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UCL Festival of Culture: The ethics of fighting ISIS: Should we do whatever it takes to prevent terrorism?

ucyow3c13 June 2016

pencil-iconWritten by Sam Stockdale (UCL Arts & Humanities)

microphoneYou would be hard pushed to find a positive thing to associate with ISIS, but the terrorist group certainly knows how to generate a lot of interest, as we saw at this year’s UCL Festival of Culture session ‘The ethics of fighting ISIS’. Attendees squeezed in next to each other without a seat to spare. It was clear from the start that this would not be a ‘death-by-PowerPoint’ session and the audience were faced with some ethical conundrums.

Should we torture?

After immersing the audience in a crash course in consequentialist ethics (through an example of killing one person in order to save five – do the ends justify the means?), Dr Jeff Howard (UCL Political Science) threw down the gauntlet immediately with the first in a series of challenging scenarios:

You have an Islamic State terrorist in custody who has gleefully admitted to planting a dirty bomb in central London with the prospect of killing hundreds of people within two hours. He of course is not admitting to where it is. Do you torture him?

The question immediately divided the room.

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Science and the First World War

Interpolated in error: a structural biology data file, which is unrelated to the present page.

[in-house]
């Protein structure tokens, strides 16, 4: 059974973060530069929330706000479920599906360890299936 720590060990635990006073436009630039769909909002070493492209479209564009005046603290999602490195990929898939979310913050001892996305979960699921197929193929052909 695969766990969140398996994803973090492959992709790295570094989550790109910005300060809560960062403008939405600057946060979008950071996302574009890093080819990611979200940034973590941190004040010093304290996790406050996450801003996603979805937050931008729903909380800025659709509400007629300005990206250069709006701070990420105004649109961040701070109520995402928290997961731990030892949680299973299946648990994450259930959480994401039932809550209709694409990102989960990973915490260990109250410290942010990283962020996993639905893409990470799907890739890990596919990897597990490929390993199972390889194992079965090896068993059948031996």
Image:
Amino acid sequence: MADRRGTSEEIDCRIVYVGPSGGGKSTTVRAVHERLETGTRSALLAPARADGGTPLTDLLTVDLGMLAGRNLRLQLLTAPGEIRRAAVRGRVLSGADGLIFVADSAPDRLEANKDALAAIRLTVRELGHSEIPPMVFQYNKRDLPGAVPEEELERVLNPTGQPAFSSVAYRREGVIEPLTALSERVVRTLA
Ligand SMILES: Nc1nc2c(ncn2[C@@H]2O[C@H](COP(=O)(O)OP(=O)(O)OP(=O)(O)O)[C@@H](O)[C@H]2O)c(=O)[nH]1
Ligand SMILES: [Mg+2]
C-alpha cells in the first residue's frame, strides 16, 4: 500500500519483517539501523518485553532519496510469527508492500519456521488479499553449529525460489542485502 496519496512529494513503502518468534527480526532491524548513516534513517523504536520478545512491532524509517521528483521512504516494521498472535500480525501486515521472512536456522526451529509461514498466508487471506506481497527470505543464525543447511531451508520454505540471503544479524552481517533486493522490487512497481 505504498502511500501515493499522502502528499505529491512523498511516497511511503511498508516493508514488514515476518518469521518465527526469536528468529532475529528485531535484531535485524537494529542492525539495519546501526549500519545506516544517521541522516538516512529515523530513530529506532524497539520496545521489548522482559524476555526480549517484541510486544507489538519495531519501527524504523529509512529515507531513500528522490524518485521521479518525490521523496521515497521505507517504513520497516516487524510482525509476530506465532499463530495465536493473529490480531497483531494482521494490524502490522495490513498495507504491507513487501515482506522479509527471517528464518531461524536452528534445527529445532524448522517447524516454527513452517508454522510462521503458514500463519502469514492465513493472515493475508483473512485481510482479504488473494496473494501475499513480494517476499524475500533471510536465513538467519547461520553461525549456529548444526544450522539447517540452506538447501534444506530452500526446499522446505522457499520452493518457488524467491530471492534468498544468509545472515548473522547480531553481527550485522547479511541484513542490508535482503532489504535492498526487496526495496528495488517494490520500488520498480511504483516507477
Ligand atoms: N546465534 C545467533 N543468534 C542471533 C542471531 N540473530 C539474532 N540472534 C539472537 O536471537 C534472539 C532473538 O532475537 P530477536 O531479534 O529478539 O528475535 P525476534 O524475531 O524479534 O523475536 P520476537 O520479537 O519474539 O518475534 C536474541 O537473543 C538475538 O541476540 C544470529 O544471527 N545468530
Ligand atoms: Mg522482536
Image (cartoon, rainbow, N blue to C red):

Siobhan Pipa9 July 2014

German scientist Fritz Haber

German scientist Fritz Haber

The relationship between science, technology and warfare is a topic I find incredibly intriguing – partially kick-started from taking a module in Science, Warfare and Peace back when I was an undergraduate in UCL Science & Technology Studies.

So, with high hopes I headed down to The Guardian offices to watch the final instalment of UCL’s Lunch Hour Lectures on Tour – given by Professor Jon Agar (UCL Science & Technology Studies), titled Science and the First World War.

Opening with the haunting image of ‘We are making a new world’ by Paul Nash, Professor Agar points out that there is frequently no force so associated with the making of a new world as science.

If there’s one thing I took away from my undergraduate degree, it’s that science, like nearly every other topic in the world, is not an isolated endeavour – there are always outside influences at play.

And there is probably no bigger outside influence than the First World War. Often considered the first ‘total war’, science was driven and transformed by the events of a hundred years ago.

Along with shaping the path science took during this period, the First World War also raised a number of profound and troubling questions about the very nature of science.

Is science a force for construction? Or is it a force of destruction? Does science transcend international boundaries or should science be recruited to further a country’s cause? How should scientists be used during warfare and is there a way to organise science in the most efficient way?

Using some of the most prominent scientists of the First World War, Professor Agar proceeded to examine these themes at a much more personal and intimate level.